By: Lucas Frye
Barack Obama has been lauded for his efforts to reduce greenhouse gas emissions during his tenure as President. Under his administration, regulatory requirements for the largest industrial emitters were strengthened and executive action was used to incentivize decarbonization of the American economy. Despite these successes, President Obama’s climate legacy is today in tatters and we are hurtling more rapidly toward global humanitarian disaster. Nearly every concrete policy implemented during his eight years in office has been systematically dismantled in the last four. A simple change in the ruling party was sufficient to allow these reversals, which occurred through the same mechanisms by which the original rules were implemented. Some backsliding should not have been unexpected; the Presidency changes party nearly every time there is no incumbent to seek reelection. Yet, we do not observe reversals in every policy after every transfer of power. What makes other actions resilient to the political whims of the day? In crafting the next generation of climate policy, we should look at the failed attempts of the Obama administration, and think critically about the features that might have allowed them to stick around. I argue that a truly resilient policy has two key characteristics: enactment through concrete legislation, and content popular enough to make repeal politically infeasible.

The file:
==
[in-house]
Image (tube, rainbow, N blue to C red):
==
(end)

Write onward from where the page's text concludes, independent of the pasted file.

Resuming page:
The major reason it took so little time to put a bullet in each of Obama’s signature proposals is simple: it was easy. They were produced almost exclusively through unilateral executive action, meaning that his successor is able to modify or destroy them with the same ease and lack of oversight. This was the route of choice, because Democrats only held a majority in both houses of Congress between 2009 and 2011, and even then, they failed to pass significant climate action legislation. We could have implemented an emissions trading scheme, with the American Clean Energy and Security Act of 2009, but it failed under total Democratic control. It never even came to a vote in the Senate, because the Democratic leadership didn’t want to risk the majority by threatening competitive seats. We could be a whole decade further along in cutting our emissions, but now we continue to accelerate toward catastrophe because of perceived electoral risk.
The irony is that these appeals to the center are not a safe bet and do not prevent alienation of one’s constituents. I can imagine very few voters are calling up their representative and asking for less action on the issues that are supposedly so important. In fact, this sort of dancing around the problems in order to avoid taking a real stand is one of the reasons these seats are so weak in the first place; Republican strategists and marketing experts are keen to seize upon the narrative of the weak, spineless, dishonest Democrat who seeks only to keep their power. Yet, the “moderates” craft weak, meaningless policy and then act surprised when Republicans not only successfully capitalize on these façades, but take their seats and start producing real legislation that works in the opposite direction. It’s as if incumbent Democrats hardly seem to consider or care how their work is going to be treated after they leave office—barring some conspiracy unbeknownst to me, they surely can’t believe they’ll have the majority forever. For the party of supposedly progressive values, this is blatantly reactionary behavior.